In the spring of 1946, British Prime Minister Winston Churchill paid a visit to the United Kingdom’s chief wartime ally, the United States.
Churchill, a Conservative Party stalwart and British traditionalist, had been temporarily driven out of office by the UK’s left-leaning Labour Party. The new Labour PM, Clement Atlee, would initiate the foundations of modern-day Eurosocialism in the UK, including the nationalization of utilities and nationalized health care.
But when Churchill spoke at Westminster College (in the small Missouri town of Fulton) on March 5, he chose to address the cruder, clumsier face of Marxism. These were the early days of the Cold War, when Stalin’s USSR was only beginning to show its true colors in postwar Europe.
The title of Churchill’s speech that day was officially called “The Sinews of Peace”. The official name has been largely forgotten, however; and history recalls this speech as “the Iron Curtain speech.” It was in this speech that the term “iron curtain” was coined as a descriptor for the Soviet Bloc:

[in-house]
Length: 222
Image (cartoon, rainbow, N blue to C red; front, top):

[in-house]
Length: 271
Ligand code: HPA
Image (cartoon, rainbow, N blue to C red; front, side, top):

“From Stettin in the Baltic to Trieste in the Adriatic, an iron curtain has descended across the Continent.”
Like many of Churchill’s speeches, “The Sinews of Peace” was characterized by language that was simultaneously eloquent and pithy. The notion of the Iron Curtain remained with us throughout the long decades of the Cold War. It was an enduring metaphor for three generations.